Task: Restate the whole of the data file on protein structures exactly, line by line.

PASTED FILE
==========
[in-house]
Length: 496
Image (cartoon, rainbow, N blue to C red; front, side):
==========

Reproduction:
[in-house]
Length: 496
Image (cartoon, rainbow, N blue to C red; front, side):